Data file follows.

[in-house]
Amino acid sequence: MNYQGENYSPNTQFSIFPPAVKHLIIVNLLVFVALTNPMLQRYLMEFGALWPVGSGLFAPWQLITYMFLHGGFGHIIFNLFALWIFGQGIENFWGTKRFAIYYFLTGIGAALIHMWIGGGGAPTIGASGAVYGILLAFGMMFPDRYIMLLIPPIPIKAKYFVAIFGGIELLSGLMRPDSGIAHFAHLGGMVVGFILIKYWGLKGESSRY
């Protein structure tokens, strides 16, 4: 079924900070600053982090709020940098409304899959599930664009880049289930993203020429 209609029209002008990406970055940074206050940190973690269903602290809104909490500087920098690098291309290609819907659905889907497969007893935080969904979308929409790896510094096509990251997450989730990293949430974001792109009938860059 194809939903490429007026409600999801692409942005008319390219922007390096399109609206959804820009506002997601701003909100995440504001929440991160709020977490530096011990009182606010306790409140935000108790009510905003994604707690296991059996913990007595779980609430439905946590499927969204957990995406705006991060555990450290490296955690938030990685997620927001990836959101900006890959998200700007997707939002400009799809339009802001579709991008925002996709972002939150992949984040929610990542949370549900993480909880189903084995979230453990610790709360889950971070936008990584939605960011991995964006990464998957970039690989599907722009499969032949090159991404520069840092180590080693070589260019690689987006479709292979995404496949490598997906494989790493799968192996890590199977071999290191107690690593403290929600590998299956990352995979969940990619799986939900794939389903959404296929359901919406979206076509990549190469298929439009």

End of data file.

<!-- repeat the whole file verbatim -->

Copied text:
[in-house]
Amino acid sequence: MNYQGENYSPNTQFSIFPPAVKHLIIVNLLVFVALTNPMLQRYLMEFGALWPVGSGLFAPWQLITYMFLHGGFGHIIFNLFALWIFGQGIENFWGTKRFAIYYFLTGIGAALIHMWIGGGGAPTIGASGAVYGILLAFGMMFPDRYIMLLIPPIPIKAKYFVAIFGGIELLSGLMRPDSGIAHFAHLGGMVVGFILIKYWGLKGESSRY
């Protein structure tokens, strides 16, 4: 079924900070600053982090709020940098409304899959599930664009880049289930993203020429 209609029209002008990406970055940074206050940190973690269903602290809104909490500087920098690098291309290609819907659905889907497969007893935080969904979308929409790896510094096509990251997450989730990293949430974001792109009938860059 194809939903490429007026409600999801692409942005008319390219922007390096399109609206959804820009506002997601701003909100995440504001929440991160709020977490530096011990009182606010306790409140935000108790009510905003994604707690296991059996913990007595779980609430439905946590499927969204957990995406705006991060555990450290490296955690938030990685997620927001990836959101900006890959998200700007997707939002400009799809339009802001579709991008925002996709972002939150992949984040929610990542949370549900993480909880189903084995979230453990610790709360889950971070936008990584939605960011991995964006990464998957970039690989599907722009499969032949090159991404520069840092180590080693070589260019690689987006479709292979995404496949490598997906494989790493799968192996890590199977071999290191107690690593403290929600590998299956990352995979969940990619799986939900794939389903959404296929359901919406979206076509990549190469298929439009």